I loved pulled pork. I also love pulled beef brisket. My favorite part of the brisket is the point, the fatty top portion that usually melts and falls apart when you grab it. It's amazing and tender pulled beef BBQ. I saw that a bunch of my online BBQ friends, such as Joe, who writes www.mmmgoblubbq.com, were smoking chuck roast and then foiling it tight in a mixture of peppers and onions. This really appealed to me as a quicker and easier way to obtain pulled beef, rather than fuss with a brisket. Then I noticed that some people were referring to these as "chuckies!" What a great name! Here's my spin on the easier, more forgiving way to have pulled BBQ beef: smoked pulled chuck roast with a stout BBQ sauce.
The general plan here is to rub a chuck roast with salt and pepper and then smoke it until it reaches about 165 degrees (about 2-3 hours). Then place the smoked chuck roast on a bed of chopped peppers and onions and cover with foil in a tin. Return to the tin to the smoker for 2-3 more hours until the chuck roast is extremely tender. Finally a BBQ sauce will be made right in the same tin and returned to the smoker with no foil cover. This will result in tender, smoky, well flavored BBQ beef. A BBQ Chuckie sandwich!
You can find big chuck roasts easily. Packs of two are even sold at Costco. The key to your chuck roast selection is to pick one that is about 4 lbs and about 1 or 1.5 inches thick. Look at this baby!
For the dry rub cover the chuck roast with salt and pepper. No rules on how much, just cover it with a lot of salt and pepper. Light the smoker for typical BBQ temperatures. You'll be fine with any temperature ranging from 250-300 degrees F. Place the chuck roast on the smoker with a temperature probe in the thickest part of the meat.
For one big chuck roast, I used 2 green peppers, 1 orange pepper, 1 red pepper, 1 yellow pepper, 2 sweet onions and about 4 jalapeno peppers. I also chopped up about 6-8 cloves of garlic. You can use any combination of pepper colors that you like.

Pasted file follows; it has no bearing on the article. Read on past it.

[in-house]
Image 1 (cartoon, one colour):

Once the peppers, onions and garlic are chopped, set them aside and check on that chuck roast.
Not done yet. The above photo shows the chuck roast at about 145 degrees F.
After a few hours the chuck roast had an internal temperature of 165 degrees F. Time to sit it on the bed of peppers and onions and foil it.
Part of the concept of foiling meat is to create a moist steamy environment which really accelerates the cooking process. The fat in the meat as well as the water in the chopped veggies would be sufficient, however, I dumped a whole Peg Leg Imperial Stout beer into the mix. Return this to the smoker for about 2-3 more hours. Don't peek.
After a few extra hours the roast will still look the same but will be fork tender. Go at it and tear that thing apart! It looks gorgeous and it tastes fantastic at this point. Most recipes stop here. But for my taste, this needed some extra work. It had a bit of a plain pot roast thing going on, in my opinion. To overcome this the next step is to build a BBQ sauce right into the meat mix and then expose it to smoke again.
One of my favorite BBQ Sauces is my Peg Leg Imperial Stout BBQ Sauce that I came up with a while back. It's simple. I adjusted the sauce recipe so it can be made right into this glorious mix of peppers, onions and shredded BBQ beef. To the mix add 3 tablespoons of Worcestershire sauce, 1 cup ketchup, 1/2 cup apple cider vinegar, 1/2 cup brown sugar, 1/4 cup honey, and 2 tsp black pepper. Mix everything up and return to the smoker with no foil lid. Got that? No foil lid.
After 30 minutes it looks like this. Not too much different from the earlier unsauced version, but now it has a rich, sweet tomato based BBQ sauce worked into it. Grab a heaping amount and place it on some soft fresh buns. And there it is... the Imperial Stout BBQ Chuckie sandwich. This has easy tailgate written all over it because all of the work can be done before the tailgate and it can be reheated at the game.